The background of the occupation of the Baltic states covers the period before the first Soviet occupation on 14 June 1940, stretching from independence in 1918 to the Soviet ultimatums in 1939–1940. The Baltic states gained their independence during and after the Russian revolutions of 1917; Lenin's government allowed them to secede. They managed to sign non-aggression treaties in the 1920s and 1930s. Despite the treaties, the Baltic states were forcibly incorporated into the Soviet Union in 1940 in the aftermath of the German–Soviet pact of 1939.
The Soviet Union occupied most of the territory of the Baltic states in its 1944 Baltic Offensive during World War II. The Red Army regained control over the three Baltic capitals and encircled retreating Wehrmacht and Latvian forces in the Courland Pocket where they held out until the final German surrender at the end of the war. The German forces were deported and the leaders of Latvian collaborating forces were executed as traitors. After the war, the Soviet Union reestablished control over the Baltic territories in line with its forcible annexations as communist republics in 1940.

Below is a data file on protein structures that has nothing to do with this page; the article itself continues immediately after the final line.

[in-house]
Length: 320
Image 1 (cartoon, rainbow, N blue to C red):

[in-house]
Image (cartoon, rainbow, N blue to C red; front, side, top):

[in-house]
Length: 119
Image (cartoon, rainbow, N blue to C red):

The Soviet–Estonian Mutual Assistance Treaty, also known as the Bases Treaty was a bilateral treaty signed in Moscow on 28 September 1939. The treaty obliged both parties to respect each other's sovereignty and independence, and allowed the Soviet government to establish military bases in Estonia. These bases facilitated the Soviet takeover of the country in June 1940.
The Soviet–Latvian Mutual Assistance Treaty was a bilateral treaty signed in Moscow on October 5, 1939. The treaty obliged both parties to respect each other's sovereignty and independence, while in practice allowed the Soviet government to establish military bases in Latvia, which facilitated the Soviet invasion of that country in June 1940.